We don’t sit by discipline, we sit by project. Having conversations, asking questions, and inviting feedback every day creates this really strong team dynamic and breaks down the traditional walls between disciplines. It also teaches you to be less precious with your ideas and more open-minded to the ideas of others.

So what do dedicated teams and close communication mean in practical terms? Let me give you an example. If you look at airline sites in the US, you may notice something: They all look pretty much the same.

There are several reasons for this, but one is that they’re built on top of technology that wasn’t created to support a modern, immersive web experience. Not a lot of people know, but most airlines run their booking technology on a platform that was originally built in the 1960s. I just imagine this computer in a dusty corner somewhere made of pipes. That alone doesn’t promote innovation. It promotes the status quo.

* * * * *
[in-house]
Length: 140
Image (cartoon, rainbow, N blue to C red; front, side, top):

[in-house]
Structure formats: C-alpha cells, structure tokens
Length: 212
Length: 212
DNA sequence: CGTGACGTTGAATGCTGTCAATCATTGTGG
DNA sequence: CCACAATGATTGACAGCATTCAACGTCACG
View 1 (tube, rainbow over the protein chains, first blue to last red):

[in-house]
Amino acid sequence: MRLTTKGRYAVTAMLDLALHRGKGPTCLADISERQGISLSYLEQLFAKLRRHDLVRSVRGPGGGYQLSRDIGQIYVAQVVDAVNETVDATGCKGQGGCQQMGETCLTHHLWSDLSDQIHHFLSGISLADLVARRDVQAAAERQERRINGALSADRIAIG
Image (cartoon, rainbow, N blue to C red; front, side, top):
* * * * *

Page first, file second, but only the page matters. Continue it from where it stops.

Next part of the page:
So when we designed and developed the Virgin America website, having technology represented from the very beginning of the project allowed the design team to think about the flow in an entirely different way. We researched and prototyped and eventually executed this API-driven approach that would allow the front end of the site to be decoupled from these legacy technologies.

The result of which was launching the first responsive, single-page application for a US airline. And more importantly for Virgin’s customers, the ability to launch a faster, cleaner, and more enjoyable experience.